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Beyond Reason: Using Emotions as You Negotiate (Paperback) - Common Broché – 2006
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Although the advice of the authors was generally helpful, I sometimes questioned practicality of following the guidelines in day-to-day affairs. For example, the authors encouraged the readers to document and discuss each of the negotiations as part of constant learning process, often spending sixty to ninety minutes in follow up discussions. As a manager of a development team with frequent meetings, such analysis would put a significant damper on my productivity. However, I realize that the book is not intended to be followed as a "manual" and each person may have to make practical adjustments.
Overall, the book is a "must read" for everyone, not just frequent negotiators. In the book, I found a lot of advice on how to respect the emotions that govern the meeting in many different settings. Since I learn best from seeing complex concepts in action, the case study that concluded the book put a neat "bow" on a very enjoyable and valuable read.
This book breaks down the five core emothions of feeling appreciated, alone, imposition, put down, trivialized. It covers business negeotion, but perhaps even more important is negeotiating with teens (but not two year olds), the mentally ill (ex-wives included), the drunk in a bar.
The techniques described here are given examples in buying a small item, presenting a case to the Supreme Court, to discussing border disagreements between a couple of nations. In short, we all negeotiate all the time, it works best when both parties feel that they got the best of the deal.
For me, the most interesting part of the book is were the authors explain five core concerns -- appreciation, affiliation, autonomy, status and role -- and their effect on decision making. They provide sensible advice on how to use these concerns as levers to keep negotiations constructive. Here is a quote from the book giving you an example: "Perhaps the most powerful way to soothe someone's emotions is to appreciate their concerns. There are three elements in appreciating someone. You want to UNDERSTAND the other's point of view; FIND MERIT in what they are thinking, feeling, or doing; and COMMUNICATE the merit you see." I think that is a terrific way to put it!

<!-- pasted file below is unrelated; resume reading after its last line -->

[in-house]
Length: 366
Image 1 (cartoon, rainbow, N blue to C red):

The content of this book is one thing that makes it worthwhile. Another reason why I like it is that it is exceptionally well-structured. I like it when authors do their very best to make it as easy as possible for readers to understand their core messages. Fisher and Shapiro succeed very well in this.
Fans of Getting to Yes have probably run into attorneys and negotiators who didn't want to play ball. These people may have been hostile, manipulative and short-sighted. But it's hard to reason with these parties using the Getting to Yes principles if you do not have your own emotions under control.
Beyond Reason is a much needed and valuable resource for dealing with the emotional context for negotiations.
The process for taking the initiative (express appreciation, build affiliation, respect autonomy, acknowledge status, and choose a fulfilling role) is constructive, common sense methods that anyone will feel comfortable doing. As helpful as that process is, I found the most useful advice coming in chapters 8-10 which describe how to be ready for strong emotions, being prepared for negotiations and the case history of the border dispute resolution between Ecuador and Peru.
The examples in the book are well chosen to illustrate the principles and breathe life into those concepts. Roger Fisher and Daniel Shapiro have a light touch that defuses your apprehension as you address this subject.
I also recommend that you read Crucial Conversations, a good complementary book on how to address strong emotions in others and yourself when they arise unexpectedly and unpleasantly.